It hasn’t been long since returning back from my trip to India. It was a place I had always wanted to visit, particularly for the food and to gawk over the Taj Mahal. And, so I did. My journey to India was a solo journey, seeking an emotional closure of what has been one of the hardest years, but also to explore and find the world around me. My first stop: New Delhi.
New Delhi showcases India’s unique gift to modernize at a rapid pace without casting aside its cultural, historical, and spiritual identity. The capital city is a vast metropolis, with diverse neighborhoods that reflect different ethnicities, heritages, and movement. New Delhi, the government district of Delhi, is the administrative heart of India and an embodiment of the zeitgeist of this vast, diverse nation. Among the modern skyscrapers, award-winning restaurants, garden parks, and energetic markets, a series of remarkable monuments provide silent reminders of India’s legacy.
Delhi is such a multicultural society that each religious and ethnic demographic celebrates its own festivals. Diwali, the Festival of Lights, is celebrated in October/November with a profusion of lamps, fireworks, and anything that sparkles. Holi, the Festival of Colors, is a Hindu celebration at the end of the winter season. Bonfires are lit to signify devotion to Lord Vishnu, the God of Preservation, and people gather to throw colored powder and water at each other. Many children make a game out of throwing dust on foreigners—even hiding in trees to sprinkle handfuls of red, green, blue, and gold powder on the heads of unsuspecting tourists.
Delhi is also home to an extraordinary collection of museums and cultural monuments. The National Handicrafts and Handloom Museum displays tribal and rural art and artifacts. With over 35,000 pieces ranging from textiles to clay, space is a welcoming community of artisans and art lovers. Each month, approximately 50 craftspeople from across the country are invited to reside on the property and demonstrate their talents. Don't miss the Village Complex, an exhibition that displays village life from varying regions in India. Akshardham, located across the Yamuna River in Noida, is an elaborate Swaminarayan temple complex that features an IMAX theater, musical fountains, sunken gardens, and the Mandir: a temple with over 20,000 statues of India's religious personalities. Be sure to experience the 12-minute boat ride that highlights more than 10,000 decades of India's heritage, including inventions, discoveries, and the world's first university, Takshashila.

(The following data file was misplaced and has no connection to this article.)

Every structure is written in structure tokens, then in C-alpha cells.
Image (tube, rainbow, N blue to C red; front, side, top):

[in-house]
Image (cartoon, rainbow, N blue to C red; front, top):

Old Delhi is a culinary, architectural, and historical adventure. Start at the Red Fort, a sandstone fortress that covers nearly 255 acres. Consider returning in the evening when the fort comes alive with a sound-and-light show that recreates 5,000 years of India's history.
Next, continue to Jama Masjid, the largest mosque in India, which was commissioned by Shah Jahan. The same emperor who built the iconic Taj Mahal. Step outside the gates and enter Chandni Chowk, which is touted as the oldest and busiest street market in Delhi. Chandni Chowk entertains an exciting mix of shops that specialize in goods such as silk, silver, crafts, spices, and leather products.
Find celebrated restaurants, food stands, and sweet shops including the original Haldiram’s, Bikaner Sweet Shop, Ghantewala Halwai, and Meghraj and Sons. The street also houses many different religious shrines that represent a genuine cultural harmony: Sri Digambar Jain Lal Mandir and Bird Sanctuary, Sikh Gurdwara Sis Ganj Sahib, Central Baptist Church, and Gauri Shankar Hindu Temple. You'll also find old past private residences snuggled between a labyrinth of small streets and neighborhoods around Chandni Chowk.
The Food Scene
Delhi has a lively food scene including award-winning restaurants, streetside stands, and comfort food.
Veg & Non Veg
Restaurants typically drop into two categories: veg (vegetarian) and non-veg. Remember that cows are sacred in India, so beef is tricky to find, and when found, it's water buffalo, not cow.
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